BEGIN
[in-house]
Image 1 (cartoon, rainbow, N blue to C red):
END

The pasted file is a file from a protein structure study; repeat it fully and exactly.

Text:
[in-house]
Image 1 (cartoon, rainbow, N blue to C red):